I'll post the lineup for the 2014 JazzFest after I finish writing this thread. It will further illustrate the point(s) made (hopefully) in this thread.
I read an article on Flavorwire re: the music festival 'bubble' bursting, and since it resonated with me, it might make sense to some of you as well. It's just an opinion, not a poll or a survey.
The festival "thing" isn't for everyone, but for those that have a thing for festivals, the lineup announcements were always a bit exciting. Even the big, somewhat name-brand festivals (Coachella, Bonnaroo) sparkled, for many years. Then, something seems to have crept into the situation: instead of excitement, color and variety, *and* the entry-way to see "emerging" bands with a somewhat progressive lineup, festivals became bland and vanilla, with nothing to characterize them, and it began to look like a race to see whose lineup had the "biggest" names, rather than ... the best.
Now they say Coachella has the best venue in the US, so those tickets will sell themselves even if Britney Spears headlines. :) That's the same as getting a piece of "vanilla" jewelry at Tiffany's because some people think that the exterior presentation of a little blue "signature" box is more important than what's inside. (note: that does not include me, FWIW. :) )
Festivals might be seen as a good place to be for people who don't get to many, or any concerts. Put down a chunk of money and see *ALL* the musical acts you couldn't even imagine seeing in a year. Still a good deal.
Large festivals, such as Coachella or SXSW, are seen as the "Costco" of music festivals (funny!). A great deal, if you can navigate the thing.
As you know, music festivals started out as the "poor mans" option to see music. Ramshackle, small players, that somewhere along the way, got eaten up and swallowed and CONSOLIDATED. That's the keyword.
This is what happened, even though there are still many regional festivals, many of them no longer exist because the mega-festival took over. The majority of the market is now in the hands of the mega-festival industry handlers. This is no different than the mom and pop stores being eaten up by the chain stores.
If the small festivals had a lifespan, will the big festivals follow suit? Lineups are based less on being progressive, and based more (if not entirely) on commercial considerations / success.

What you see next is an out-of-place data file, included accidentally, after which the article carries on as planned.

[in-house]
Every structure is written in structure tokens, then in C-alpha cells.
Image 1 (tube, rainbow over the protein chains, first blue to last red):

It's no longer music, it's an event. :)
Know what else is weird? The lineups of let's say 15 years ago, when the target was people late teens / twenties -- pretty much are the lineups that cater to the same audience, as those people are now well into their thirties. That's why the lineups are not very progressive, it's a nostalgia trip. Younger audiences? They get to see older acts. :D Coachella had Arcade Fire as a headliner in 2011. They're back again. A revamoped OutKast? And Muse? They've headlined festivals for years. Not exactly cutting edge. Makes you wonder.
The people that should be taking the place of the former festival goers (younger people) "are growing up in a world where festivals are big, commercial crapfests" !! They are not as interested as Gen-Xers and older audiences. Are new audiences going to want to camp in the middle of nowhere and pay $$ for a beer all weekend?
Prediction by author:
I think that if anything, we’ll see a sort of deconsolidation, where specialized small festivals start small and stay small, and a small group of highly financed large festivals will continue to chase a declining market of ever-aging attendees. I might be wrong, of course — who knows, maybe in five years’ time Basilica Soundscape will be held over two weekends in a bespoke arena in Hudson, and attended by 20,000 girls in faux-Native American headdresses. But I doubt it. And honestly, that’s not such a bad thing. If it means that people go back to attending shows at local venues instead of shelling out a couple of hundred dollars to camp in the desert for a weekend, it’s probably to the ultimate benefit of musicians — and lord knows, they need all the help they can get."
Thoughts, anyone? I know some of you aren't festival-goers, but feel free to comment.